Palestine Updates 73
It is argued that a resistance struggle can be measured for its maturity by appraising to what extent art and culture influences its progression. “Art adds energy to advocacy – and it reaches people at deeper emotional levels, conveying what cannot be said with mere facts”. (Creative Resistance: Why We Need to Incorporate Art into Our Activism). Activism through art involves simple, yet, profound people-rooted traditions, such as puppets, music, memes, posters, banners, plays, street theater, poetry, and animation.
In this special edition of Palestine Updates, we bring you illustrations of how Palestinian refugees in camps in Lebanon protest their forlorn conditions using art to relieve their hardships from behind the darkness of the high walls which surrounds their everyday being which deny them light into their lives – symbolically and literally.
The murals in this article are powerful. and speak to the heart. Please view, and disseminate.
By Marta Vidal*
A mural in Shatila made by Palestinian artist Omar Abu Steiti represents hope for more opportunities (MEE/Marta Vidal)
Mohammad Hamra works in front of his house in Burj al-Barajneh, painting a wood-carved map of Palestine (MEE/Marta Vidal)
Yet colours burst off the walls where murals have been painted by Palestinian artists using art as a way to affirm Palestinian identity and rights.
“I believe that colours give people hope,” says Jihad Moussa, a 20-year old university student and self-taught artist. He is interested in painting themes related to Palestinian heritage, but also likes to paint trees and animals to decorate the walls of Burj al-Barajneh and improve the camp’s appearance to its inhabitants.
A portrait of Yasser Arafat with Jerusalem reflected in his glasses on a wall in Burj al-Barajneh (MEE/Marta Vidal)
A Palestinian town on the walls of Shatila. A group of Palestinian and international artists made several murals in the camp to commemorate the Sabra and Shatila massacre of 1982 (MEE/Marta Vidal)
A wall painted by Jihad Moussa in Burj al-Barajaneh. Trees are often painted on the walls of dim streets where no plants could possibly grow (MEE/Marta Vidal)
Remembering Palestine in the camps of Lebanon: a depiction of Palestinian traditions and villages on a wall of Shatila (MEE/Marta Vidal)
Mohammad Hamra has been perfecting his crafts for 20 years (MEE/Marta Vidal)
Mohammad Daher, co-founder of al-Naqab
Tania Naboulsi next to her mural depicting Palestinian traditional dance in the refugee camp of Beddawi, north of Tripoli (MEE/Marta Vidal)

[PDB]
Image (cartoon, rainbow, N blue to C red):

A map of Palestine in the works in Mohammad Hamra's studio (MEE/Marta Vidal)
Abdul Rahman Katanani, artist
“The materials I use come from the camp and have huge symbolism,” Katanani explains. The rusting metal can be interpreted as a symbol of waiting to come back to the homeland, and the barbed wire representative of the borders and restrictions Palestinian refugees face
According to UNRWA, more than half of the Palestinians in Lebanon are confined to refugee camps where there are high levels of unemployment, poverty and marginalisation. They are prevented from employment in over 30 professions and cannot own property outside of the camps. There are almost 18,000 registered refugees living in Burj al-Barajneh camp alone.
Katani’s barbed wire sculptures managed to travel to countries where he, as a Palestinian refugee, was unable to enter (Courtesy of Agial Gallery)
In the nearby refugee camps of Sabra and Shatila, damp, overcrowded and precarious buildings give shelter to over 10,000 registered Palestinian refugees, a number that has grown in recent years with the arrival of refugees fleeing the Syrian war. Many of them are Palestinians who have become refugees for a second time.
Abu Marwan, a 47-year-old Palestinian refugee living in Shatila, works in construction and decoration. He has made several concrete murals and paintings replicating monuments in Jerusalem and commemorating the Palestinian intifada in Shatila.
Wires hang low near a wall painted with 'calligraffiti' by al-Naqab artists in Burj al-Barajneh. Every year dangerous wires cause several deaths from electrocution in the camp (MEE/Marta Vidal) “Personally I have no hope, but I [paint] because I want our children to know how much we suffered and to remember our villages and our land,” he says. For the forgotten stateless refugees in the camps of Lebanon, remembering Palestine through art is of central importance.
‘Zinc, barbed wire and freedom,’ the artwork of Abdul Rahman Katanani made with materials from the Sabra and Shatila refugee camp (Courtesy of Agial Gallery)
Katanani, who studied art at the Lebanese University of Beirut, started as a cartoonist drawing caricatures and painting graffiti. He later became more interested in sculpture and installations.
His artwork has been exhibited in Lebanon, France, Germany and in the Gulf, and at times his barbed wire sculptures managed to travel to countries where he, as a Palestinian refugee, was unable to enter.
Abdul Rahman Katanani turns metal and barbed wire into art. ‘The materials I use represent the people,’ he says (Courtesy of Agial Gallery)